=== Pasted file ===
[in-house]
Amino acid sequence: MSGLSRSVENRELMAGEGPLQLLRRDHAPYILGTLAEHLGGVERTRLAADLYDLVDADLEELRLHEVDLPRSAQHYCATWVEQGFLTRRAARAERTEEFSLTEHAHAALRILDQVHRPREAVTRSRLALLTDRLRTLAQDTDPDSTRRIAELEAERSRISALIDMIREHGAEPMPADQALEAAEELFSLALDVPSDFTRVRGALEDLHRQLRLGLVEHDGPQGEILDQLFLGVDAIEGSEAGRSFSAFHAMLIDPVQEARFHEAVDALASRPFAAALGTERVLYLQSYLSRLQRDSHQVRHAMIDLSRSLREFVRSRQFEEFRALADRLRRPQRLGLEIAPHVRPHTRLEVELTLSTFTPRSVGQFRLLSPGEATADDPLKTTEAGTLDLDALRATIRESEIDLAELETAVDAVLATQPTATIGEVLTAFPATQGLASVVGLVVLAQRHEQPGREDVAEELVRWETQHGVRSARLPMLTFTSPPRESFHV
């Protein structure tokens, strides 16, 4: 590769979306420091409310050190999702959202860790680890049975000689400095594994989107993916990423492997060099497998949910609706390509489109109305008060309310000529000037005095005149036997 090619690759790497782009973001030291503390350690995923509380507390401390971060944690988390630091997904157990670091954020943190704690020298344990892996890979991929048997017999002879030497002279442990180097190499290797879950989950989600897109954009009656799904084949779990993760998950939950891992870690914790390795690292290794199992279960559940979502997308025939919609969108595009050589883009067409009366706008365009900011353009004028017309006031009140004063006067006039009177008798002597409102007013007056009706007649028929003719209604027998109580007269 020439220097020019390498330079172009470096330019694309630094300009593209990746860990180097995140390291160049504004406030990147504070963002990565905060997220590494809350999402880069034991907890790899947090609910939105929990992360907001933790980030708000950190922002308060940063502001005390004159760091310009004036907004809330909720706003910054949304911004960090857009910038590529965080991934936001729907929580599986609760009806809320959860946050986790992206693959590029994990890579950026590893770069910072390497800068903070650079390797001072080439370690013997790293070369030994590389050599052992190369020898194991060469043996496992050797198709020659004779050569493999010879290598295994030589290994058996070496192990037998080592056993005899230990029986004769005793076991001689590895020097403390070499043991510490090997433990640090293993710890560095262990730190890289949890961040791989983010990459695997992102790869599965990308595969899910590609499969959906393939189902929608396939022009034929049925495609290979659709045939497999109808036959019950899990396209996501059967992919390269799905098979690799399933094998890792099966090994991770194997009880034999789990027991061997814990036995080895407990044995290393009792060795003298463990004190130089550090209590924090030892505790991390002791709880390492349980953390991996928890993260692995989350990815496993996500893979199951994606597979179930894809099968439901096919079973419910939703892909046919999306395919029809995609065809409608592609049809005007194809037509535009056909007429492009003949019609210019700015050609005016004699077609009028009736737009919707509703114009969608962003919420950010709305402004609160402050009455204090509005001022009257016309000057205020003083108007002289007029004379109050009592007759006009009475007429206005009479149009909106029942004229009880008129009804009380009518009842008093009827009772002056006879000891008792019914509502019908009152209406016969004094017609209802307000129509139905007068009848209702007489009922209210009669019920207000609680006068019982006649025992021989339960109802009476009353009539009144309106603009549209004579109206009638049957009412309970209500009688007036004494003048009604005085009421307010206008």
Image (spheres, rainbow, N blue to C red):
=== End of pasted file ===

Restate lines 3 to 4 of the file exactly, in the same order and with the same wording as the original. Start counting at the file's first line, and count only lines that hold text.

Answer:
């Protein structure tokens, strides 16, 4: 590769979306420091409310050190999702959202860790680890049975000689400095594994989107993916990423492997060099497998949910609706390509489109109305008060309310000529000037005095005149036997 090619690759790497782009973001030291503390350690995923509380507390401390971060944690988390630091997904157990670091954020943190704690020298344990892996890979991929048997017999002879030497002279442990180097190499290797879950989950989600897109954009009656799904084949779990993760998950939950891992870690914790390795690292290794199992279960559940979502997308025939919609969108595009050589883009067409009366706008365009900011353009004028017309006031009140004063006067006039009177008798002597409102007013007056009706007649028929003719209604027998109580007269 020439220097020019390498330079172009470096330019694309630094300009593209990746860990180097995140390291160049504004406030990147504070963002990565905060997220590494809350999402880069034991907890790899947090609910939105929990992360907001933790980030708000950190922002308060940063502001005390004159760091310009004036907004809330909720706003910054949304911004960090857009910038590529965080991934936001729907929580599986609760009806809320959860946050986790992206693959590029994990890579950026590893770069910072390497800068903070650079390797001072080439370690013997790293070369030994590389050599052992190369020898194991060469043996496992050797198709020659004779050569493999010879290598295994030589290994058996070496192990037998080592056993005899230990029986004769005793076991001689590895020097403390070499043991510490090997433990640090293993710890560095262990730190890289949890961040791989983010990459695997992102790869599965990308595969899910590609499969959906393939189902929608396939022009034929049925495609290979659709045939497999109808036959019950899990396209996501059967992919390269799905098979690799399933094998890792099966090994991770194997009880034999789990027991061997814990036995080895407990044995290393009792060795003298463990004190130089550090209590924090030892505790991390002791709880390492349980953390991996928890993260692995989350990815496993996500893979199951994606597979179930894809099968439901096919079973419910939703892909046919999306395919029809995609065809409608592609049809005007194809037509535009056909007429492009003949019609210019700015050609005016004699077609009028009736737009919707509703114009969608962003919420950010709305402004609160402050009455204090509005001022009257016309000057205020003083108007002289007029004379109050009592007759006009009475007429206005009479149009909106029942004229009880008129009804009380009518009842008093009827009772002056006879000891008792019914509502019908009152209406016969004094017609209802307000129509139905007068009848209702007489009922209210009669019920207000609680006068019982006649025992021989339960109802009476009353009539009144309106603009549209004579109206009638049957009412309970209500009688007036004494003048009604005085009421307010206008």
Image (spheres, rainbow, N blue to C red):